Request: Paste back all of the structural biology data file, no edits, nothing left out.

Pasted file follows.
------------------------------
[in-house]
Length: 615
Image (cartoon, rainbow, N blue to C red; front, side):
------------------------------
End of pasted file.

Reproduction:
[in-house]
Length: 615
Image (cartoon, rainbow, N blue to C red; front, side):